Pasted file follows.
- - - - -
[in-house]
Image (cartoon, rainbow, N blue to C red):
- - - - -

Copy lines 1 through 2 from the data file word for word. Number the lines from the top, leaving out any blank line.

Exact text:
[in-house]
Image (cartoon, rainbow, N blue to C red):